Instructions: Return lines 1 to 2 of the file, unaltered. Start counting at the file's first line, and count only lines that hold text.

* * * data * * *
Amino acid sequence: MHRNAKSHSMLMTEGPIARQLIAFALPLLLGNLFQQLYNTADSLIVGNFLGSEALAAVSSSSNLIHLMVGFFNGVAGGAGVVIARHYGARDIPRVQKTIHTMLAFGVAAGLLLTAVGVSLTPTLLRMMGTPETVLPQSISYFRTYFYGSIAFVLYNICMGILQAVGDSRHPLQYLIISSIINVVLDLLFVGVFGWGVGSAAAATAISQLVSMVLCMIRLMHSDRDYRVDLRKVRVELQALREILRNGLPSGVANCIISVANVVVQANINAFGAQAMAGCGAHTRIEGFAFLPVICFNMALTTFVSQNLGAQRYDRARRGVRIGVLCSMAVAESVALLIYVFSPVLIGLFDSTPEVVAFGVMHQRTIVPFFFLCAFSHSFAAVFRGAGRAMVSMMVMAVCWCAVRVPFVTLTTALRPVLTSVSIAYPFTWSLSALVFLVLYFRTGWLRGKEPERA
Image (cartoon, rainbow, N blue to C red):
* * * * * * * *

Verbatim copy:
Amino acid sequence: MHRNAKSHSMLMTEGPIARQLIAFALPLLLGNLFQQLYNTADSLIVGNFLGSEALAAVSSSSNLIHLMVGFFNGVAGGAGVVIARHYGARDIPRVQKTIHTMLAFGVAAGLLLTAVGVSLTPTLLRMMGTPETVLPQSISYFRTYFYGSIAFVLYNICMGILQAVGDSRHPLQYLIISSIINVVLDLLFVGVFGWGVGSAAAATAISQLVSMVLCMIRLMHSDRDYRVDLRKVRVELQALREILRNGLPSGVANCIISVANVVVQANINAFGAQAMAGCGAHTRIEGFAFLPVICFNMALTTFVSQNLGAQRYDRARRGVRIGVLCSMAVAESVALLIYVFSPVLIGLFDSTPEVVAFGVMHQRTIVPFFFLCAFSHSFAAVFRGAGRAMVSMMVMAVCWCAVRVPFVTLTTALRPVLTSVSIAYPFTWSLSALVFLVLYFRTGWLRGKEPERA
Image (cartoon, rainbow, N blue to C red):